I don’t want to hear about your diet*, and I especially don’t want to hear about what you are not eating. I say this as a fat person who is completely happy with my body and refuses to go on weight loss diets, for a number of reasons that I will touch on below. To be clear, I don’t say “fat” as an insult about myself, but rather as a neutral descriptor word to talk about how my body looks. Bodies come in different shapes and sizes and that is totally awesome. Bodies are one of the only things that are really and truly ours and I am determined to like mine. Your body is yours and you can do what you want. But I want you to know what I hear you saying when you talk about your diet:
1. I am miserable
I know that when I have something in my life that is really weighing (no pun intended!) on me I like to talk to others about it. Whether it is something good or bad, we tend to focus on the things that are important in our lives. When someone is on a weight loss diet they will likely talk a lot about it, but not in a way that makes it sound like it is filling their life with fun. If diets didn’t already turn you off, all you have to do is listen to a person on a diet talk about how shitty it is to be convinced it is horrible. It’s not fun to be around.
More Radical Reads: When I Broke Up With My Diet
2. There is something wrong with your body
As I said above, I am fat. I am usually what we in the fat-positive community would call “medium fat.” That means that the vast majority of people who will talk about their weight loss diets will be thinner than I am. So how do you think someone feels when you talk about your body as being too big and mine is twice the size of yours?
Look, no one is required to love their body and be happy with it. But I do think that someone should not (intentionally or unintentionally) make someone else feel bad about themselves if they can help it. Don’t complain about something that another person has worse than you to them!
For example, don’t complain about how hard it is to maintain three homes to someone who is homeless. Don’t talk about how you hate how tall you are to someone who is taller than you. It’s pretty simple.
Women especially love to bond over the myriad ways we hate ourselves. I get the impulse, but I think that it is destructive. Let’s talk about how great we are instead of continuing the patriarchy enforced pressure to literally and figuratively minimize ourselves. Or like, books or movies or celebrity gossip or anything besides the way we are flawed.
3. I don’t know much about science
95% of diets fail. Therefore, as a medical treatment for “obesity”, diets work only 5% of the time. Most people on diets have been on diets before, therefore most of us have experienced this statistic first hand. (If that original diet “worked” no one would have to be on a diet again.) A 5% chance of anything means that it is extremely unlikely to happen. The diet industry knows this, studies have shown this, yet people all expect to be the outlier. It makes no scientific or mathematical sense to expect to be in the 95% instead of the 5%. (And if you didn’t know before, now you do.)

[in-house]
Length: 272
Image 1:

More Radical Reads: 4 Ways We Can Make Eating Healthy a Radical Body Positive Act
4. I will probably be boring to talk to
One of the big problems with dieting is that it often becomes the only thing that a person talks about. I love talking to people with varied interests and experiences, it is not fun to talk to someone who can only focus on calories and pounds (which is actually a survival mechanism because your brain is literally starving!). It’s like when my kids were really into Minecraft and that is all they would talk about. I didn’t care about Minecraft and I don’t care about your diet.
I know that people aren’t thinking about me when they diet. (Though maybe they should!) Some of these things are a little harsh, but I am not even close to the only fat person that feels like this when someone mentions their diet (and mentions and mentions…). I do really believe that people can do whatever they want with their bodies, but I can also set boundaries about what kinds of things I want to hear and don’t want to hear and diet talk is one of them.
In order to continue producing high quality content and expanding the message of radical, unapologetic self-love, we need to build a sustainable organization. To meet these efforts, we’re thrilled to share the launch of our #NoBodiesInvisible subscription service. This service will provide our community with access to additional content and rewards for your monthly investment in furthering our radical self-love work.
Need some help growing into your own self love ? Join us for our free webinar 10 Tools for Radical Self Love.
[Feature Image: A person sitting outside on a blue metal bench. Behind them is a brick wall. They have reddish shoulder length hair, a black sweater, a brown dress and red heels. Source: Kathryn]